We’re only into the second quarter of 2021, and it’s already pretty clear that the news business — as well as what can broadly be defined as the larger media ecosystem — continues to be defined by a state of turbulence nearly equivalent to that which defined 2020.
The coronavirus and the marginalization of Trump (for now) remain hugely consequential journalistic forces to watch. Tech giants like Facebook and Netflix
To stay informed on these and other media narratives like them, the following is a list of some of the most important people who operate both in and around media and who drive specific media narratives. This list is completely subjective, and it could certainly be an order of magnitude longer than what I’ve laid out below, but it encompasses some professional journalists (with a few exceptions, which we’ll come to) across sectors that range from politics to technology, cybersecurity, entertainment and more. Meet some of the people who will shape, share, write, broadcast, and define a broad swath of the news and related content that we consume this year, starting with CNN’s new chief White House correspondent.
This being the first year of a new presidential administration, one tasked with ramping up a vaccine program to fight the coronavirus pandemic and dealing with countless pre-existing challenges left over from the prior administration, the political news front has been and will remain a busy one and that sends a relentless barrage of alerts, updates, and breaking news at readers and viewers pretty much 24/7. CNN’s Kaitlan Collins is on this list for many reasons, among them the fact that she was promoted to White House correspondent for the network in January. She’s unflappable, with that even-keeled demeanor you want in a broadcast journalist, relentless while also never inserting herself into the story, and she’s an absolute beast when it comes to breaking news. If you paid attention to little else over the course of the day with the exception of Kaitlan’s Twitter feed, you’d still have a pretty comprehensive grasp on the Biden administration, Congress, the US response to the coronavirus pandemic and so many more of the day’s key headlines.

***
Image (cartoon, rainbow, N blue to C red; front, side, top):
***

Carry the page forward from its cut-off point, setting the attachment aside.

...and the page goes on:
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Ben Smith, The New York Times (@benyt)
Before he died in 2015, I regularly awaited David Carr’s Monday column in each week’s New York Times, often catching his Media Equation when it went online late on Sunday evenings. If you love media and newspapers and happen to go through life with an affinity for the Fourth Estate, David was a cartographer of sorts, attempting to map out the New World of our profession with a novelist’s command of prose and a scrappy reporter’s lust for a good story. It made his column unmissable, and led many to conclude his shoes would be near-impossible to fill. Since January 2020, though, Ben Smith has done just that. His columns are provocative, but not for provocations’ sake. They’re often sprinkled with micro-scoops throughout, like the anecdote he reported in one particular column about Apple’s Netflix-like TV service, in which he revealed that Apple CEO Tim Cook killed an in-development Apple TV+ show about Gawker as soon as he found out about it. Or the scooplets in Smith’s recent piece about Substack, noting that the online publishing platform was dangling six-figure advances to try and lure away top NYT talent like culture and technology reporter Taylor Lorenz. Basically, Ben is a must-read if you have any interest whatsoever in media of almost any kind.
Bela Bejaria, Netflix
Before joining Netflix to head up Global TV a few years ago, Bela Bejaria’s career spanned traditional entertainment giants like CBS
Tim Cook/Daniel Ek (Apple vs. Spotify podcasts)
I’m going to cheat a little bit and put two technology industry chief executives here, for a reason that extends to media. Apple CEO Tim Cook and Spotify CEO Daniel Ek are about to go to war over podcasts, with the latter streaming giant set to unveil a new podcast subscription paradigm this week. Podcasts are an increasing source of interest for Spotify, which has looked at the possibility of launching a podcasts-only offering and which, this week, will reportedly announce subscription options for podcast creators that let users pay for things like bonus and/or exclusive content, ad-free access and early listening. One thing Spotify reportedly won’t be doing is siphoning off a percentage of the revenue that podcast creators make, in contrast to Apple.